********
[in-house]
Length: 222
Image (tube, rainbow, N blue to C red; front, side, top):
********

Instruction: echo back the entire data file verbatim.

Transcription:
[in-house]
Length: 222
Image (tube, rainbow, N blue to C red; front, side, top):